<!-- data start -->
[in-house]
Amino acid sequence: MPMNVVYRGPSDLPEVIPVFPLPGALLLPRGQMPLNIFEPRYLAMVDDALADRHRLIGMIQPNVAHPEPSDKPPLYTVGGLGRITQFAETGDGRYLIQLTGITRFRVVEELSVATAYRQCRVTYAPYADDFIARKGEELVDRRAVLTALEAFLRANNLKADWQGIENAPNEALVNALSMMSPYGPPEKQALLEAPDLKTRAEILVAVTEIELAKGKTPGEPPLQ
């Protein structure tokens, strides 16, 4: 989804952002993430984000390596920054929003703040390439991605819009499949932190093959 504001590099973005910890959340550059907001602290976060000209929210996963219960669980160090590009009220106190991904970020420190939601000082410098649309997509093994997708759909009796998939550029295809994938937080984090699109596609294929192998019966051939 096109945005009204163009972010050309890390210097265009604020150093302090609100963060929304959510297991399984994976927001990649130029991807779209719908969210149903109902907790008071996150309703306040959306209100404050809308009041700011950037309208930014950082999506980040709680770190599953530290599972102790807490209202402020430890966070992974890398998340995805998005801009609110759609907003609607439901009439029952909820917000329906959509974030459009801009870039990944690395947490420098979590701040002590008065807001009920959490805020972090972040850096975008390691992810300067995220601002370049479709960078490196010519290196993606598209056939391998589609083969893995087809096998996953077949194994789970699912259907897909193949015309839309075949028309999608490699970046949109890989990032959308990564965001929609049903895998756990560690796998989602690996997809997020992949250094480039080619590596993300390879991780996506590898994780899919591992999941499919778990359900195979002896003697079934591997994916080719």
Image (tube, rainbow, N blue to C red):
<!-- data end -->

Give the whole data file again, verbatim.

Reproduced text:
[in-house]
Amino acid sequence: MPMNVVYRGPSDLPEVIPVFPLPGALLLPRGQMPLNIFEPRYLAMVDDALADRHRLIGMIQPNVAHPEPSDKPPLYTVGGLGRITQFAETGDGRYLIQLTGITRFRVVEELSVATAYRQCRVTYAPYADDFIARKGEELVDRRAVLTALEAFLRANNLKADWQGIENAPNEALVNALSMMSPYGPPEKQALLEAPDLKTRAEILVAVTEIELAKGKTPGEPPLQ
């Protein structure tokens, strides 16, 4: 989804952002993430984000390596920054929003703040390439991605819009499949932190093959 504001590099973005910890959340550059907001602290976060000209929210996963219960669980160090590009009220106190991904970020420190939601000082410098649309997509093994997708759909009796998939550029295809994938937080984090699109596609294929192998019966051939 096109945005009204163009972010050309890390210097265009604020150093302090609100963060929304959510297991399984994976927001990649130029991807779209719908969210149903109902907790008071996150309703306040959306209100404050809308009041700011950037309208930014950082999506980040709680770190599953530290599972102790807490209202402020430890966070992974890398998340995805998005801009609110759609907003609607439901009439029952909820917000329906959509974030459009801009870039990944690395947490420098979590701040002590008065807001009920959490805020972090972040850096975008390691992810300067995220601002370049479709960078490196010519290196993606598209056939391998589609083969893995087809096998996953077949194994789970699912259907897909193949015309839309075949028309999608490699970046949109890989990032959308990564965001929609049903895998756990560690796998989602690996997809997020992949250094480039080619590596993300390879991780996506590898994780899919591992999941499919778990359900195979002896003697079934591997994916080719």
Image (tube, rainbow, N blue to C red):